Ok, well I finally decided to use my old benchtop Delta radial-arm drill
press [should I say "RADP" in this forum :-) ]
I don't guess many people have one of these, but it could have been done
with a regular drill press if one altered the table by machining the bottom
flat with a milling machine to accommodate a router base.
This old drill press I have was given to me by a customer who was an
amateur woodworker while I was restoring his garage after a fire in 1985.
It only had smoke damage and I replaced the chuck with a Jacobs. So not
much money spent so far.
The drill press had too little room under the table for my router, so I
machined a piece of thick aluminum (1/2") and 6" wide to extend the router
past the table. The router base is mounted under this extension. Of
course, the pin is held by the drill chuck, which extended out to meet the
router bit. On top of it all is a plywood top.
No need for details, as it took a fair amount of drilling and tapping and
some trial and error.
It works great; it does what I need to do. The problem of having to raise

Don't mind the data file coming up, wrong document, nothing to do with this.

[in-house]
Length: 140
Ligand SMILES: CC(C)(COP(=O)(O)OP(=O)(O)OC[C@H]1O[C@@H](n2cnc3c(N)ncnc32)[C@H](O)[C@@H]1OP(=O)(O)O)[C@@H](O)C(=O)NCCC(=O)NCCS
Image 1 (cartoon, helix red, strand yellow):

the router to cut in smaller increments is a pain, but this is only with
thicker lumber. Unfortunately, all of my cuts will be thicker stuff. If I
cut in one pass, it shears off the parts with an end-grain, so I gotta do
more and smaller passes. Dust collection is a real problem... face mask
A pin router is the only way I can cut in increments and quit eating up
bearings on router bits. I recommend the use of downward spiraling
mortising bits and use no less than 1/2" stuff so that nothing snaps off or
bends. Putting a thin sacrificial spacer between the workpiece and pattern
is necessary. A thicker pattern is a happy pattern (3/8-1/2). When you
make the hole in the drill press table, cut it large enough to let the
collet through, enabling one to use shorter bits if necessary.
By dropping the router out of this setup, you still have your drill press to
use as you wish, so long as you don't move the table.
Hope this helps someone. woodstuff